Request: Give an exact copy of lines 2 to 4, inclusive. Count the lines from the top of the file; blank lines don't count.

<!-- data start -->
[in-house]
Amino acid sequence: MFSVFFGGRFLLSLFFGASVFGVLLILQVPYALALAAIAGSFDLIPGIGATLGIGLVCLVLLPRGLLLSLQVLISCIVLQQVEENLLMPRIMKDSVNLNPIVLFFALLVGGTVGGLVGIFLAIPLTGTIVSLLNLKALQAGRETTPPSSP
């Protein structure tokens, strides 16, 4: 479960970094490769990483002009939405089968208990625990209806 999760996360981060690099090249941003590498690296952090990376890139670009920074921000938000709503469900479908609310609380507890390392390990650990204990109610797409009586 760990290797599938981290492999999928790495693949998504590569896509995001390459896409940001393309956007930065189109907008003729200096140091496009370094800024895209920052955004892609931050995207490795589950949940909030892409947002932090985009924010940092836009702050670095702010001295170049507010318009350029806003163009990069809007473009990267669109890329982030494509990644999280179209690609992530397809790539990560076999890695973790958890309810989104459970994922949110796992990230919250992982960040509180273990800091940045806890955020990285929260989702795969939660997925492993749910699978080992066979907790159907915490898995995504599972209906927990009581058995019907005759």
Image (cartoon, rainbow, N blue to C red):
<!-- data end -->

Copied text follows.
Amino acid sequence: MFSVFFGGRFLLSLFFGASVFGVLLILQVPYALALAAIAGSFDLIPGIGATLGIGLVCLVLLPRGLLLSLQVLISCIVLQQVEENLLMPRIMKDSVNLNPIVLFFALLVGGTVGGLVGIFLAIPLTGTIVSLLNLKALQAGRETTPPSSP
């Protein structure tokens, strides 16, 4: 479960970094490769990483002009939405089968208990625990209806 999760996360981060690099090249941003590498690296952090990376890139670009920074921000938000709503469900479908609310609380507890390392390990650990204990109610797409009586 760990290797599938981290492999999928790495693949998504590569896509995001390459896409940001393309956007930065189109907008003729200096140091496009370094800024895209920052955004892609931050995207490795589950949940909030892409947002932090985009924010940092836009702050670095702010001295170049507010318009350029806003163009990069809007473009990267669109890329982030494509990644999280179209690609992530397809790539990560076999890695973790958890309810989104459970994922949110796992990230919250992982960040509180273990800091940045806890955020990285929260989702795969939660997925492993749910699978080992066979907790159907915490898995995504599972209906927990009581058995019907005759």
Image (cartoon, rainbow, N blue to C red):